Houston Methodist. Leading Medicine

Hand FAQ

Question:

My family have been fish mongers (handlers) for generations. I'm the first one to develop a serious hand infection that has required surgery. They are all convinced I'm doing something wrong but I don't know what it could be. Can you shed any light on this for me?

Answer:

Every job has its ups and downs. Men and women who handle fish (fresh or frozen) with their bare hands are at risk for hand infections. Fish, shrimp, and other seafood products have sharp fins or claws that can cause small cuts in the fingers or palms of the hand. The tiny opening is big enough for bacteria to enter and cause damage to the tendons and tendon sheaths (covering around tendons). Usually, the type of bacteria present is mycobacterium marinum. Exposure to this type of bacteria (leading to hand infection) is common with exposure to fish. A less common (rare) bacterium among fish handlers that can also cause infection and even death of the affected soft tissues has been reported. Symptoms of hand infection due to mycobacterium abscessus are very similar to symptoms caused by the more common mycobacterium marinum. Symptoms include pain, swelling, and redness of the skin over the area affected. Fish handlers often ignore the symptoms. They may keep on working for months before seeking medical help. They may not be able to identify a single traumatic event that could have caused the problem. And they are in good health otherwise. You may not have done anything different from other fish handlers. If your immune system was compromised (weakened) for any reason, you could have been at increased risk for hand infection. Previous trauma to the affected area may put you at risk for infection. Use of contaminated needles (e.g., to inject drugs) is another risk factor for this type of infection. But, there may not be a known cause in some fish handlers. Gavin C. W. Kang, MD, et al. Mycobacterium abscessus Hand Infections in Immunocompetent Fish Handlers: Case Report. In Journal of Hand Surgery. July 2010. Vol. 35-A. No. 7. Pp. 1142-1145.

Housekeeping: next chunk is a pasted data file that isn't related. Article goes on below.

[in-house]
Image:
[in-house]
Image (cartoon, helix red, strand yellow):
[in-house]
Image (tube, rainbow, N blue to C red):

*Disclaimer:* The information contained herein is compiled from a variety of sources. It may not be complete or timely. It does not cover all diseases, physical conditions, ailments or treatments. The information should NOT be used in place of visit with your healthcare provider, nor should you disregard the advice of your health care provider because of any information you read in this topic.
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